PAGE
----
I find it that sometimes, mum has this incessant obsession over trying on new dishes as I see them in recipe books or magazines or online or on TV. The books that we've recently borrowed from the library includes Dorie Greenspan's Baking: From My Home to Yours and Julia Child's Mastering the Art of French Cooking, of which I've flagged the pages that mum wants to try as cooking projects, and that's not including the more than a dozen websites I've bookmarked in the PC. These obsession sometimes get the better of me, that mum tries do away with little details hoping to get away with it. Like this Perfection Pound Cake adapted from Dorie Greenspan's Baking: From my Home to Yours. Mum actually burned the bottom. Wait, not burned. Charred! See?!
But not to discount it isn't in any way, a perfect pound cake because it is! Because even though the bottom is black as tar, the pound cake was itself... perfection! Buttery and sweet, just like a pound cake would. Mum even managed to create that glorious cracked top which produced that slight crisp topping.
This Perfection Pound Cake is adapted from Dorie Greenspan's Baking: From my Home to Yours
2 c all-purpose flour or 2 1/4 cups cake flour (mum used cake flour)
1 tsp baking powder
1/4 tsp salt
230g unsalted butter, at room temperature
1 cup sugar (we used caster sugar)
4 large eggs, at room temperature
1 tsp pure vanilla extract
Centre a rack in the oven and preheat the oven to 325 degrees F (163 degrees C). Butter a 9x5 inch loaf pan or an 8 1/2 x 4 1/2 inch loaf pan. Put the pan on an insulated baking sheet or on two regular baking sheets stacked one on top of the other. (This, mum did not do. Which is the only obvious reason why the bottom of our pound cake burned).
Whisk together the flour, baking powder and salt.
Working with a stand mixer, preferably fitted with a paddle attachment, or with a hand mixer in a large bowl, beat the butter and sugar on high speed until pale and fluffy, a full 5 minutes. Scrape down the bowl and beater and reduce the mixer speed to medium.
Add the eggs one at a time, beating for 1 to 2 minutes after each egg goes in. As you're working, scrape down the bowl and beater often.
Mix in the vanilla extract. Reduce the mixer speed to low and add the flour, mixing only until it is incorporated - don't over mix. In fact, you might want to fold in the last of the flour, or even all of it, by hand with a rubber spatula.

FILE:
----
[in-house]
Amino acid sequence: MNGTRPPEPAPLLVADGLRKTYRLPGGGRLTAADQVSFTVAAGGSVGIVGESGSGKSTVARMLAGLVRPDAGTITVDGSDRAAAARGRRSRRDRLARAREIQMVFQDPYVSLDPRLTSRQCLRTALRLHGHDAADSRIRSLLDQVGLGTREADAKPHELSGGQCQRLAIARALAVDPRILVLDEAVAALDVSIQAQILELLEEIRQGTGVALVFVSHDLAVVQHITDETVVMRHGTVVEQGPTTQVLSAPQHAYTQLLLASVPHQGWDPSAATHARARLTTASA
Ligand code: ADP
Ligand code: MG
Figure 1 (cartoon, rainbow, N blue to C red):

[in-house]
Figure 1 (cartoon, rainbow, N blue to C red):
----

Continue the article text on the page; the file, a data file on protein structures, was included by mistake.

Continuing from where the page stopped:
Scrape the batter into the buttered pan and smooth the top.
Put the cake into the oven to bake, and check on it after about 45 minutes. If it's browning too quickly, cover it loosely with a foil tent. If you're using a 9x5 pan, you'll need to bake the cake for 70-75 minutes; the smaller pan needs about 90 minutes. The cake is properly baked when a thin knife inserted deep into the centre comes out clean.
Remove the cake from the oven, transfer the pan to a rack and let rest for 30 minutes.
Run a blunt knife between the cake and the sides of the pan and turn the cake out, then turn it right side up on the rack and cool to room temperature.
Even though mum burned the bottom, the pound cake turned out excellent. Indeed, with that fresh-from-the-farm flavour of butter and eggs, as Dorie mentioned in the book, amongst other pointers on making this perfection pound cake. All in all, mum did not entirely waste that block of Lurpak butter after all.
I had good memories of making pound cake with your Lolo and Lola when we were little. And I can vividly smell and taste the buttery taste of our Blue Bonnet pound cake baked in our little oven in our little bungalow house in Kalaklan Street way back when. Those were the days when butter just came in as real good butter. No less-fat-less-salt-light varieties.
This kept well wrapped in baking paper on the kitchen counter (it is winter after all), and dad had a grand time eating his slice for afternoon tea for a week. But then, dad is easy to please. Who cares if the bottom's burned!? It still tastes like pound cake!